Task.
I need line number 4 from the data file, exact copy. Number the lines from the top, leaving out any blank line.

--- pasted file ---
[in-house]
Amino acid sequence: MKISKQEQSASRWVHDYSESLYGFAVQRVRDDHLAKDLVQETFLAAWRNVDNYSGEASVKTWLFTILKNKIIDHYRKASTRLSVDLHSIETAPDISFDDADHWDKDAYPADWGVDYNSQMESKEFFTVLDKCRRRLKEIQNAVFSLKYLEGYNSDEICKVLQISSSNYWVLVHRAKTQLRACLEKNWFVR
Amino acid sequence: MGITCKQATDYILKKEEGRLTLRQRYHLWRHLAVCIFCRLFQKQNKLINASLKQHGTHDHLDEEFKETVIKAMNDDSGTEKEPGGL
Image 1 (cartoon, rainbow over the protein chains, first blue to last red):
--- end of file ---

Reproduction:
Image 1 (cartoon, rainbow over the protein chains, first blue to last red):